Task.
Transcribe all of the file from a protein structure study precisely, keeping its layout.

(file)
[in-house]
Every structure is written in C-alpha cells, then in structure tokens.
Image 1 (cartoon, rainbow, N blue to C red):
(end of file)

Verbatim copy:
[in-house]
Every structure is written in C-alpha cells, then in structure tokens.
Image 1 (cartoon, rainbow, N blue to C red):